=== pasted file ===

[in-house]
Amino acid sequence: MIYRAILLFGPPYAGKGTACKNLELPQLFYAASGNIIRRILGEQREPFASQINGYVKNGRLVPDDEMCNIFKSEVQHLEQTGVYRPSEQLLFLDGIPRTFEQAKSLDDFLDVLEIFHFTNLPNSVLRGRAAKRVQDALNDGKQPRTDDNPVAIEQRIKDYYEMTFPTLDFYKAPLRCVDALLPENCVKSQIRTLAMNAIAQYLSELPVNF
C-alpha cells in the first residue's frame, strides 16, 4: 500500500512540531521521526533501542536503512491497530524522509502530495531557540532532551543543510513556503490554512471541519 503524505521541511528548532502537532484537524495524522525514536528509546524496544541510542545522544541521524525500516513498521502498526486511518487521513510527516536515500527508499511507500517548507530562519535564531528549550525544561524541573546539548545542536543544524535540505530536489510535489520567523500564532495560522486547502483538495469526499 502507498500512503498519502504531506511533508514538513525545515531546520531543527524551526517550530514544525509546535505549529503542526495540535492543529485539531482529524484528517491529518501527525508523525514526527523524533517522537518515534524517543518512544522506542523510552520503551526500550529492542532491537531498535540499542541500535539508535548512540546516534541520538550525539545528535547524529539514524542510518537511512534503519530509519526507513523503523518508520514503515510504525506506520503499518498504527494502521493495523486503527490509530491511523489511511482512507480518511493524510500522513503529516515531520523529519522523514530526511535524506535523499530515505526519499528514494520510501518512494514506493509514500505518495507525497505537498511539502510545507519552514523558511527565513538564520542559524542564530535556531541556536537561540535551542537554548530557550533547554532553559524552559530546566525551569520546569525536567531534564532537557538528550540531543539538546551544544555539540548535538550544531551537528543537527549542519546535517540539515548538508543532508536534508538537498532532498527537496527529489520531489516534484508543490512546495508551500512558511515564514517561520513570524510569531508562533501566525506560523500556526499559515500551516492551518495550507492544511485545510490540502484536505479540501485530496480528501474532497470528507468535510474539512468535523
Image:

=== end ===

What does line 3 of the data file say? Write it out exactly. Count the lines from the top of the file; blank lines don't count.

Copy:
C-alpha cells in the first residue's frame, strides 16, 4: 500500500512540531521521526533501542536503512491497530524522509502530495531557540532532551543543510513556503490554512471541519 503524505521541511528548532502537532484537524495524522525514536528509546524496544541510542545522544541521524525500516513498521502498526486511518487521513510527516536515500527508499511507500517548507530562519535564531528549550525544561524541573546539548545542536543544524535540505530536489510535489520567523500564532495560522486547502483538495469526499 502507498500512503498519502504531506511533508514538513525545515531546520531543527524551526517550530514544525509546535505549529503542526495540535492543529485539531482529524484528517491529518501527525508523525514526527523524533517522537518515534524517543518512544522506542523510552520503551526500550529492542532491537531498535540499542541500535539508535548512540546516534541520538550525539545528535547524529539514524542510518537511512534503519530509519526507513523503523518508520514503515510504525506506520503499518498504527494502521493495523486503527490509530491511523489511511482512507480518511493524510500522513503529516515531520523529519522523514530526511535524506535523499530515505526519499528514494520510501518512494514506493509514500505518495507525497505537498511539502510545507519552514523558511527565513538564520542559524542564530535556531541556536537561540535551542537554548530557550533547554532553559524552559530546566525551569520546569525536567531534564532537557538528550540531543539538546551544544555539540548535538550544531551537528543537527549542519546535517540539515548538508543532508536534508538537498532532498527537496527529489520531489516534484508543490512546495508551500512558511515564514517561520513570524510569531508562533501566525506560523500556526499559515500551516492551518495550507492544511485545510490540502484536505479540501485530496480528501474532497470528507468535510474539512468535523